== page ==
The appellant and respondent were the defendant and the plaintiffs in the court of first instance respectively. On the 17th December, 1995, Anthony Okeke’s driver, Chijioke Ibe, had been involved in a car accident with the respondent, Petmag Nigeria Limited, and the respondent’s car was wrecked beyond use.

The respondent then filed a suit against the appellant and sought a restoration of the vehicle to its original state; a sum of N2,500 per day be paid to the respondent for loss of use of the vehicle from the 17/12/1995 till the 3/7/1997; and the sum of N2,500 paid per day for the loss of use of the vehicle from the 4/7/1997 until the vehicle would be returned. Something that should be noted is that when the respondent resolved to take the appellant to court, the appellant’s driver, Chijioke Ibe, whom had been the direct party to the action which had brought damages to the respondent. had not been included as a party to the action.


High Court

Name of the High Court: High Court of Delta State, Ogwuashi-Uku.

Name of Judge: I.E. Ogbodu. J.

Date of Judgement: Wednesday, 2nd February, 2000.

Names of Counsel:

  1. Ithenumah, A. Esq. – For the appellant
  2. A.N. Maidoh, Esq. – For the respondent

The appellant filed a statement of defence and provided an address for service within jurisdiction [ fancy name for where the hearing notices would be sent to]. The case was adjourned several times [20/5/1999, 30/6/1999, 12/7/1999, 2/8/1999, 30/9/1999, 20/10/1999, 27/10/1999] to accommodate the hearings of the appellant’s and the respondent’s cases. However, despite the hearing notices sent to the appellant’s address for service within jurisdiction, the appellant did not show up in the court to make his defence.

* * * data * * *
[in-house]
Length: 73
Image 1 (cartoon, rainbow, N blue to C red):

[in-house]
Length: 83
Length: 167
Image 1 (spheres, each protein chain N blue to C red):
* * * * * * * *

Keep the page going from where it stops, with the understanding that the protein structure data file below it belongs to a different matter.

In the September of 1999, the first and second witnesses for the prosecution stated their evidences consecutively, and the case was adjourned to the 20th October, 1999. two days before the 20/10/12 proceeding, a hearing notice had been served on the appellant, to which there was no response [ the appellant still did not show up in court].

Subsequently, a day for judgement was fixed, and it was to be heard on the 22nd November 1999. Dramatically [ and I am talking Angelina Jolie drama level], the appellant showed up in court. Finally. However, the appellant did not show up in court to say anything like they had not originally intended to make a defence or anything like that; the appellant filed a motion on notice seeking an arrest of the judgements to be delivered on the 22/11/1999; an order setting aside the proceedings of  [20/5/1999, 30/6/1999, 12/7/1999, 2/8/1999, 30/9/1999, 20/10/1999, 27/10/1999] on grounds of circumvention of the right to fair hearing; and an order for the suit to be heard from the beginning so that the appellant be availed of his right to present a defence and to cross examine the respondent’s witness.

The trial court heard the arguments of the application by the appellant and dismissed it. The claims of the deprival of the right to fair hearing could not hold water in light of the several hearing notices that had been filed before the court proceedings. Moving away from the claims of the appellant, the trial court stated that the appellant had failed to state a reasonable reason for being absence from court. In dismissing the application of the appellant, the court held that: